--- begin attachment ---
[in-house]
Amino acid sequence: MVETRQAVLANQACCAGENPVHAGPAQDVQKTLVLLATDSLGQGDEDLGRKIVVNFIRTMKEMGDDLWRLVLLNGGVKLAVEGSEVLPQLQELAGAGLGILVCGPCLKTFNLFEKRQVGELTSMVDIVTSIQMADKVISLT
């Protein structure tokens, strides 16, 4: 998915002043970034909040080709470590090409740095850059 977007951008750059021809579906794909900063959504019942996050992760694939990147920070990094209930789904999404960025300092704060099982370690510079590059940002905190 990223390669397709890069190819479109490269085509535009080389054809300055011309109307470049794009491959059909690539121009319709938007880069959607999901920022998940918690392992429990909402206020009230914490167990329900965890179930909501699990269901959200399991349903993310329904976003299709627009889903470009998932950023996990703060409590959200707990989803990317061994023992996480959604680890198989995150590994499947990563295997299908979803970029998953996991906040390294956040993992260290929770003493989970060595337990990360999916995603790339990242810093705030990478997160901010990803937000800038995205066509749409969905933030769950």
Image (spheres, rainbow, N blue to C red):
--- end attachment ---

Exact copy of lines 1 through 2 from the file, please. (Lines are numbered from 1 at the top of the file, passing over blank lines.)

[in-house]
Amino acid sequence: MVETRQAVLANQACCAGENPVHAGPAQDVQKTLVLLATDSLGQGDEDLGRKIVVNFIRTMKEMGDDLWRLVLLNGGVKLAVEGSEVLPQLQELAGAGLGILVCGPCLKTFNLFEKRQVGELTSMVDIVTSIQMADKVISLT